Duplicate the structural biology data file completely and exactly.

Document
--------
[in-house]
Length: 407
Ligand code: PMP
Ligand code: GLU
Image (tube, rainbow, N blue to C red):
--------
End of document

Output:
[in-house]
Length: 407
Ligand code: PMP
Ligand code: GLU
Image (tube, rainbow, N blue to C red):